Short Meditations in Psalms: 4.1 A Prayer Life
Psa 4:1 Answer me when I call to you, O my righteous God. Give me relief from my distress; be merciful to me and hear my prayer.
There is a sense of deja-vu with many of David’s psalms in that they are a cry to God in difficult circumstances. The circumstances may change but they remain difficult, for David lived in a day of uncertainties much of which was before he had subdued his neighbours. But for David there was something more than dealing with enemies who were neighbouring countries, he was also acutely aware of the spirituality or lack thereof in the country and as much as his heart was for God that wasn’t necessarily true for those around him. When he wanted to stand for the Lord this meant that there were those who would oppose his righteousness and oppose his reign. Indeed from what he says in verse 2 there are those who actively participate in idol worship and they reject or oppose the Lord.
He calls upon the Lord for help but more than that he calls for the Lord to not only hear him but also to answer him: “Answer me when I call to you.” We have seen this in the previous psalm but it bears repeating. David expects answers and if you read David’s life in the Old Testament you find there are times when he specifically called on the Lord and had specific answers that guided him in battle.
David’s relationship with the Lord was a living relationship, a relationship that involved communication, two-way communication. I have to ask in the day in which we live where the Christian community is in a minority in the West, and within that community there are varying degrees of life, is that the sort of relationship that you and I have with the Lord?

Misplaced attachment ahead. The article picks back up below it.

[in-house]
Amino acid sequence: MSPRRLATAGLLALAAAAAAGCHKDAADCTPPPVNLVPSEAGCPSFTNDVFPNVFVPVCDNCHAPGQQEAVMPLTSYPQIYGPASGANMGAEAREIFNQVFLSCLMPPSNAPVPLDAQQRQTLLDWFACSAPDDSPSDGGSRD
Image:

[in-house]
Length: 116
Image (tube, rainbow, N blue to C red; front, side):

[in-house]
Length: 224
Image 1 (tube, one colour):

Note the grounds on which David appeals to the Lord: “O my righteous God.” He is going to point out things in people around him that are unrighteous and which, therefore, he would expect the Lord to deal with. His request is quite specific. He is in distress because of those around him and so he asks, “Give me relief from my distress.”
Now there is something that follows that is highly significant: “be merciful to me.” Mercy is unearned grace and forgiveness which, as one dictionary puts it is, “kindness in excess of what may be expected or demanded by fairness; forbearance and compassion.” To ask the Lord to be merciful means to ask Him to go beyond what is deserved and you can only ask that of a person who you know is like that, who wants to go beyond what is merely earned or deserved. This is the depth of David’s knowledge of the Lord that culminates in the cry, “hear my prayer.” Lord, he is saying, for righteousness sake hear me, but if not that simply be merciful for you are a merciful God.